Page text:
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Since I started learning to use the soroban, or Japanese abacus, I have also picked up some fascinating features of certain numbers.

Take 37 for example. I was given the finger exercise of 37 + 37 + 37 +37 +37 + ……………. , quite an interesting challenge on the abacus, but imagine my surprise when one of the totals came up as 111, then later up comes 222 then 333, 444, 555, 666, 777, 888, 999. It turns out that this is because 111 is 3 x 37, 222 is 6 x 37 and so on.

I mentioned before that you can use the soroban to multiply. You actually do small number multiplication in your head and use the abacus to accumulate the results. This way you can multiply numbers of any size as long as your abacus is big enough to carry the result (mine goes up to 99,999,999,999,999,999 so I could multiply 26 302 648 by 467 984 567). All you need to know is your 2 through 9 times tables up to times 9 and since it is a highly competitive sport (against the clock), it helps if you know some shortcuts. Here are a few –

Any double number like 33, 66, 88 times 9. Multiply the number that is doubled by 9 and stick a 9 in between.

33 x 9 = 3 x 9 with a 9 stuck in the middle (first 27 then 297)

44 x 9 = 4 x 9 with a 9 stuck in the middle (first 36 then 396)

It works the other way round as well –

99 x 7 = 9 x 7 with a 9 stuck in the middle (first 63 then 693)

Any number times 5. Divide the number by 2, then if there is no remainder tack on a 0, if there is a remainder tack on a 5.

77 x 5 = 76 / 2 = 38 with a remainder, so the answer is 385

96 x 5 = 96 / 2 = 48 with no remainder, so the answer is 480

Any number between 11 and 19 multiplied by any single digit number. Multiply the second digit of the first number with the second number and tack the results together.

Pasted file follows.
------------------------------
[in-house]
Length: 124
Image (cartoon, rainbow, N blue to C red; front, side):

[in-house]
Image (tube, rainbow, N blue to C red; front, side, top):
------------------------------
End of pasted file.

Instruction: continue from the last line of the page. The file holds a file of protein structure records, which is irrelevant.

18  x 8 = 8 x 8 (64) tack the 8 onto the 6 = 144

17 x 3 = 7 x 3 (21) tack the 3 onto the 2 = 51

19 x 7 = 9 x 7 (63) tack the 7 onto the 6 = 133

and similarly, the other way round –

81 x 6 = 8 x 6 and tack on a 6 = 48 and a 6 = 486

61 x 9 = 6 x 9 and tack on a 9 = 54 and a 9 = 549

31 x 5 = 3 x 5 and a 5 = 155

Finally, talking of competition, Helen and I listened the other evening to a BBC Radio 4 programme covering the Soroban World Championships in Tokyo. One of the contests was to add 15 two digit numbers moving the beads of an imaginary soroban pictured in his head (this technique is called Anzan, pronounced “unzun”). The previous world champion broke his own record. This time he did it in 1,71 wait for it …. seconds!!! That meant he had to move imaginary beads at the rate of about 22 moves per second!

In the Level 10 Anzan exam which I am currently preparing for (that is one up from elementary), I have to add or subtract 10 sums each of 6 single digit numbers in 1 1/2 minutes. My best so far is 2 1/2 minutes that’s about 1 1/2 seconds per move with three incorrect answers! It’s a long way to Tokyo.

Fascinating stuff!

PS. Since writing this article a year ago, I’ve progressed and am now preparing for the 7th level exam (7th kyu). The anzan exam is now 10 sums of 4 double digit numbers, 10 double digit numbers multiplied by a single digit (like 24 x 7), 10 sums of 12 single digit numbers, 10 three digit numbers divided by a single digit (like 368/8), 10 sums of 4 digit numbers multiplied by a single digit (like 7243 x 8) and 10 four digit numbers divided by a single digit (like 9548/7). That’s a total of 60 sums, all moving beads on an imagined abacus and the time allowed is 20 minutes. Incidentally, I don’t aim to pass (80%), I practice for 100%. That way I consistently achieve above 95%, but it’s still a long way to Tokyo.



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